What Might Man-Induced Climate Change Mean? [Excerpt]
Society, Science and Climate Change [Excerpt]
The Cost of Combating Global Warming
Toward a Real Global Warming Treaty
Stick with Kyoto: A Sound Start on Global Warming
What Makes Greenhouse Sense?
What to Do About Climate Change
Copenhagen's Inconvenient Truth
How to Salvage the Climate Conference
The Low-Carbon Diet
How the Market Can Curb Climate Change
Globalizing the Energy Revolution
How to Really Win the Clean-Energy Race
Tough Love for Renewable Energy
Making Wind and Solar Power Affordable
Cleaning Up Coal
From Climate Culprit to Solution
How Big Business Can Save the Climate
Multinational Corporations Can Succeed Where Governments Have Failed
How Washington Can Bolster a Stronger Climate Deal
Why Municipalities Are the Key to Fighting Climate Change
The Geopolitics of the Paris Talks
The Web of Alliances Behind the Climate Deal
The Problem With Climate Catastrophizing
The Case for Calm
Climate Catastrophe Is a Choice
Downplaying the Risk Is the Real Danger
Paris Isn't Burning
Why the Climate Agreement Will Survive Trump
Why Trump Pulled the U.S. Out of the Paris Accord
And What the Consequences Will Be
Trump's Paris Agreement Withdrawal in Context
The Polarization of the Climate Issue Continues
THE COST OF COMBATING GLOBAL WARMING
At international conferences, people speaking for the developing world insist that it is the developed nations that feel endangered by carbon emissions and want to retard elsewhere the kind of development that has been enjoyed by Western Europe, North America, and Japan. A reduction in carbon emissions in the developing world, they assert, will have to be at the expense of the rich nations. Their diagnosis is wrong, but their conclusion is right. Any costs of mitigating climate change during the coming decades will surely be borne by the high-income countries. But the benefits, despite what spokespeople for the developing world say, will overwhelmingly accrue to future generations in the developing world. Any action combating global warming will be, intended or not, a foreign aid program.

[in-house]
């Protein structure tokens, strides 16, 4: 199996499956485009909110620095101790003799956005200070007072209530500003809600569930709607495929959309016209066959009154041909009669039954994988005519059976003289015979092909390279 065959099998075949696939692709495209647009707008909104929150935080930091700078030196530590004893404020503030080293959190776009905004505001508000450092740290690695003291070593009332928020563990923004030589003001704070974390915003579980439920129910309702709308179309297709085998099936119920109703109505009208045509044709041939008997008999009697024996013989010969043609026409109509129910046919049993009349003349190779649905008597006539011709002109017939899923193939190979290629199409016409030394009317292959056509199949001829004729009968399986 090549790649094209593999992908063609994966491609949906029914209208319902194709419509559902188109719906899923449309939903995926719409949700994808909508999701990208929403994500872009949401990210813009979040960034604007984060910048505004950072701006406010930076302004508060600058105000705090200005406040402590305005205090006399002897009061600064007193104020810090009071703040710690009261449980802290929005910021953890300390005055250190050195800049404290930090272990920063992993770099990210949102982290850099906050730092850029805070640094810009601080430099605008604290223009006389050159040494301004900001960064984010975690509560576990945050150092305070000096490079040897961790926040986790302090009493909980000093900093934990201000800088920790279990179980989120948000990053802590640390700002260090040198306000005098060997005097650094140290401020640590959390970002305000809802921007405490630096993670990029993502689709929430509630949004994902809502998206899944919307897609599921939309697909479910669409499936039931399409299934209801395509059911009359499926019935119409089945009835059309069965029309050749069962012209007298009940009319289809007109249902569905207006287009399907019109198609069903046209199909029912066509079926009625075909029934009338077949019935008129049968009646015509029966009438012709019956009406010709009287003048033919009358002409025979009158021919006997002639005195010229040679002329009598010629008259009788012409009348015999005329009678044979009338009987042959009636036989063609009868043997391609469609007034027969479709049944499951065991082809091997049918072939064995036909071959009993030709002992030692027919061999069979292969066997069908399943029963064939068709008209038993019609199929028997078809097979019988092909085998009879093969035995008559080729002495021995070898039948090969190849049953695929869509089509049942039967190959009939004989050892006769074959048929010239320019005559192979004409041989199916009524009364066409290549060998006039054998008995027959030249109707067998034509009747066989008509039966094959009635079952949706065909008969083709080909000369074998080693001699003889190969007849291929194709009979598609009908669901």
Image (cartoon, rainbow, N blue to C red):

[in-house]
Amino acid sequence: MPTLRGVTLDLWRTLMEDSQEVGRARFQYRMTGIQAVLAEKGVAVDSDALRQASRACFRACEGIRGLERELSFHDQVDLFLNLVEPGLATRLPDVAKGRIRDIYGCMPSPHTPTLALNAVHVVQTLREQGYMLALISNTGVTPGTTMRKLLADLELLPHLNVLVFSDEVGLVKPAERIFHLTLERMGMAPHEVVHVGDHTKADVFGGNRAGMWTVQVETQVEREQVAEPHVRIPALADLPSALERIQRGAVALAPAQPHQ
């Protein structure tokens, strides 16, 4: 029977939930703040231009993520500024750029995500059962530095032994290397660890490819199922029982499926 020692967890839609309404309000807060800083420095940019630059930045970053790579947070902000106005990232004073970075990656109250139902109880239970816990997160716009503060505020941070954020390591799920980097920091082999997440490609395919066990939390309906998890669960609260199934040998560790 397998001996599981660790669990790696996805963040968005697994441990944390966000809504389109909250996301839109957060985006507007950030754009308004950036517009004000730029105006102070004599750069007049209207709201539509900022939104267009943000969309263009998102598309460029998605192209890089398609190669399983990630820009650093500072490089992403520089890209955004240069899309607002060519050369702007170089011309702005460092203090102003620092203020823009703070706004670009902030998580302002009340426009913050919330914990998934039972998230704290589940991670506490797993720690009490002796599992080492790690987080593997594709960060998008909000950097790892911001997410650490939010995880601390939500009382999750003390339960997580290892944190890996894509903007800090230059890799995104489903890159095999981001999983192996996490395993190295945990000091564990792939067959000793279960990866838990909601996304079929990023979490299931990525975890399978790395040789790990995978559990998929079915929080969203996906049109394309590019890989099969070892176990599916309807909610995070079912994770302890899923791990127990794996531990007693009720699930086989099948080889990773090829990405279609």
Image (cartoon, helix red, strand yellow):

The Chinese, Indonesians, or Bangladeshis are not going to divert resources from their own development to reduce the greenhouse effect, which is caused by the presence of carbon-based gases in the earth's atmosphere. This is a prediction, but it is also sound advice. Their best defense against climate change and vulnerability to weather in general is their own development, reducing their reliance on agriculture and other such outdoor livelihoods. Furthermore, they have immediate environmental problems -- air and water pollution, poor sanitation, disease -- that demand earlier attention.
There are three reasons the beneficiaries will be in the developing countries, which will be much more developed when the impact of climate change is felt. The first is simple: that is where most people live -- four-fifths now, nine-tenths in 75 years.
Second, these economies may still be vulnerable, in a way the developed economies are not, by the time climate change occurs. In the developed world hardly any component of the national income is affected by climate. Agriculture is practically the only sector of the economy affected by climate, and it contributes only a small percentage -- three percent in the United States -- of national income. If agricultural productivity
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